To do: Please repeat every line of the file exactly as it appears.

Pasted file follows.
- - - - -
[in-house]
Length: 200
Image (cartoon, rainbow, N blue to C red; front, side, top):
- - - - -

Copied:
[in-house]
Length: 200
Image (cartoon, rainbow, N blue to C red; front, side, top):